I never thought I'd start a magazine. Of course, I never thought I'd have breast cancer or a Border Collie or a kid that can ride a unicycle. I also never thought I'd loose both my parents by the time I was 37. But sometimes life just happens. Scratch that. ALWAYS life JUST happens. What is that saying? Life is what happens when you're busy making other plans? Yep, something like that.
Something else that just happens: cancer. Every single day, new women are diagnosed with breast cancer or a gene mutation that puts them at risk of developing breast cancer. According to the National Cancer Institute, some 70,000 men and women between the ages of 15 and 39 will develop cancer this year -- of those, breast cancer is the most common among women in this age group.
I personally found the diagnosis phase to be the scariest. Suddenly I was in the fast lane of a freeway of which I didn't even know I was merging. Doctors appointments, biopsies, scans, insurance forms all came flying at me at break-neck speed. I remember having four appointments in one day. My head was spinning. I was terrified.
And I felt utterly alone. I didn't know anyone else my age with breast cancer. All I knew for certain was that my grandmother had died of breast cancer and suddenly here I was with the same diagnosis.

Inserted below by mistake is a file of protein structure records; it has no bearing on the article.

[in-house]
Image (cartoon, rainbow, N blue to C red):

I remember Googling and not finding much for young women. I would have really benefited from hearing a few stories about chemo and mastectomies written by someone in their 20s or 30s.
And so, as you read this, imagine the young woman out there getting this life-changing diagnosis today. What would you tell her? What do you wish you had known? If you were to do it all over again, what would you repeat and what would you change?
Your story is important.
Not only for others, but also for you. Research shows that cancer survivors who engage in the creative arts suffer less anxiety and depression.
April Johnson Stearns is the editor and founder of Wildfire Community, LLC, an online magazine for young breast cancer survivors. She was diagnosed with HER2+ breast cancer at 35 years old. She lives in Santa Cruz, CA with her family.